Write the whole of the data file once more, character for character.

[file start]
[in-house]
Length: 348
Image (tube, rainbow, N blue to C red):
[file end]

[in-house]
Length: 348
Image (tube, rainbow, N blue to C red):